As well as being huge fans of modern design, Helen & Matt Cimmermann founded their eponymous design store, Cimmermann as a solution to societies obsession with buying cheap, throw-away furniture.
The idea of the circular economy is based on three principles — to eliminate waste and pollution, to circulate products and materials and to regenerate nature — all are central to the why behind Cimmermann. Ruth Hoskins speaks to Helen & Matt about how furniture design is playing a part in the circular economy.
Can you tell me a bit about Cimmermann and what it means to you?
It means everything. It’s our family business, and it’s only us in the business, so our life and work are intrinsically tied together. When we started Cimmermann in 2004, we had a shared love of modernist interiors. Our home reflects this and we decided we would only sell the pieces we would buy for our home, so it’s very curated. Nature is important to us as a family too, a reason why we moved our showroom out into rural North Yorkshire.
Plus, we really are committed to the concept of ‘buy once, keep forever’. We have reupholstered Ercol chairs that have been passed down to us, and we cherish them. All the furniture we buy (and sell) are timeless pieces that fit this ethos. It’s important to us that the brands we stock are committed to all elements of the circular economy.
The brands you stock are pretty iconic Vitra, Flos, Hay, String all are committed to taking sustainability seriously. Can you tell me how they are putting this into action?
We work on a daily basis with our suppliers. The way we see it, the brands we stock stand very much against the notion of fast furniture. Industrial design is harmful to the planet, so creating products that are made to last isn’t enough. Brands need to look at the whole product lifespan, commit to being carbon positive as well as reuse / repair as standard.
Vitra for example, have created the Vitra Circle, physical stores where people can buy used items (ex-display for example) as well as a commitment to repairing products wherever possible. Their goal is, in fact to become carbon positive by 2030 and all the indicators point to that.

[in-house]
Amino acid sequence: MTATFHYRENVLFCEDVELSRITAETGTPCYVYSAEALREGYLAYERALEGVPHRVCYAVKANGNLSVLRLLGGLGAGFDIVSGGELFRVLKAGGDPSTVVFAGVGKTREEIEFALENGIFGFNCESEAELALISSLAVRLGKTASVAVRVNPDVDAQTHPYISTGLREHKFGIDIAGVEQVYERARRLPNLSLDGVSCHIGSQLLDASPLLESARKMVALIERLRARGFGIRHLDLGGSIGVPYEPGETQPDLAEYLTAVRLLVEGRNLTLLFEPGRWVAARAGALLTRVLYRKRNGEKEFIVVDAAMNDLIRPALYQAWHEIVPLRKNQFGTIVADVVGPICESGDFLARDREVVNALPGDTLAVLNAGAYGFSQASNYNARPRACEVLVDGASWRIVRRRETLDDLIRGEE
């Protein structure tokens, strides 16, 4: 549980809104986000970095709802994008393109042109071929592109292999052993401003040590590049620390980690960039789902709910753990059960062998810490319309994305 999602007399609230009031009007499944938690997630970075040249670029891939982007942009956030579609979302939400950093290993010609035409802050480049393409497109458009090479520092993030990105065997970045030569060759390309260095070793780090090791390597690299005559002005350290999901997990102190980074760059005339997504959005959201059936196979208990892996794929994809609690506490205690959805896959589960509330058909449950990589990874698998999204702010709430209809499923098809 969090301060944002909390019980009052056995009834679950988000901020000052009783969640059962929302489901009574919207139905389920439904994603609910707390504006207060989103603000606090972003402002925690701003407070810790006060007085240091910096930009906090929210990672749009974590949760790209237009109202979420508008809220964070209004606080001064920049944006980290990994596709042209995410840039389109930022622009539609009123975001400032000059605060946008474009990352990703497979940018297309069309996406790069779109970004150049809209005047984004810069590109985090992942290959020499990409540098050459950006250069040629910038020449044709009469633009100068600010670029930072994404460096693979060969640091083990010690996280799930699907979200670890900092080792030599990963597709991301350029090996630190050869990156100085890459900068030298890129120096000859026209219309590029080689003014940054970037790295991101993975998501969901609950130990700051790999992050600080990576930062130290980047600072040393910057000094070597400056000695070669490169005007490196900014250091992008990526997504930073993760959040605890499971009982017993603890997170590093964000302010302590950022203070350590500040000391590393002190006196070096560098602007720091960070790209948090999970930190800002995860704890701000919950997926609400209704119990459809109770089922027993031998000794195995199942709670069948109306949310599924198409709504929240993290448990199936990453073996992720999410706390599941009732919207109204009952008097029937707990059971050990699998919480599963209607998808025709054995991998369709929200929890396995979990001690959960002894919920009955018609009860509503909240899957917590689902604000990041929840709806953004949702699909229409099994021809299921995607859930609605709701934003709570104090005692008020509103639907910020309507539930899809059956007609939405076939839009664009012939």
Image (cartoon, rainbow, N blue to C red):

Vitra are a great inspiration to us, the way they run their manufacturing, the Vitra Campus, ethos and their incredible Oudolf Garden too.
Vitra’s CEO Nora Fehlbaum says:
“Sustainability is not a project, but a corporate attitude that finds expression in every aspect of Vitra’s work.”
This isn’t a new strategy either. Their furniture is designed to last more than a lifetime. The Eames Lounge Chair, for example, is often passed down from generation to generation, and absolutely gets better with age.
Also, the Vitra Tip Ton RE chair takes its material from Germany’s “Yellow Bag” household waste scheme. An astonishing 3.6kg of recycled plastic goes into every chair. Making waste beautiful and long-lasting is a great idea.
One of our favourite British furniture brands, SCP is housed in an increasingly sustainable factory, run on renewables, with by-products and waste used wherever possible. They are transparent about their sustainability journey and we think that’s a great approach.
And what about lighting design?
We stock Flos who create iconic lighting, both reimagined classics and future-forward. I think 90% of Flos fixtures are aluminium which is highly recyclable and any new plastic used is both recycled and recyclable.
The Flos Mayday by Konstantin Grcic is made from sustainable polypropylene produced from industrial processes waste. It’s also portable so you can take it wherever you like without the need for additional lighting.
Oplight, also by Flos is a future-proof and timeless light, created by long-time collaborator Jasper Morrison. An exercise in simplicity, it continues along the theme of Super Normal that runs throughout all Jasper Morrison’s work, the Oplight shows us that a technically advanced product can be made with respect to the environment.
With a shell made of die-cast aluminium — a lightweight, long-lasting material that is easy to recycle. No glue has been used. The colour consists of a powder coating, which does not require solvents, and the LED source has a lifetime of more than 50,000 hours.
What are some of your favourite pieces?
Luckily, there are so many pieces that are sustainable, beautiful and timeless, that we really see buying once but buying better as a long term movement. It means we feel good about what we sell, so we spread the message of the benefits of buying beautiful, thoughtful, low (or even positive) impact as far and wide as we can.
As well as the Vitra Tip Ton RE Chair, we curated a Sustainable Collection so that people can shop some of our favourite pieces of furniture.